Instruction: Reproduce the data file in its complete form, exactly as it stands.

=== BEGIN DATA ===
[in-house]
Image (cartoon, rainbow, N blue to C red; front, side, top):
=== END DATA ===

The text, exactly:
[in-house]
Image (cartoon, rainbow, N blue to C red; front, side, top):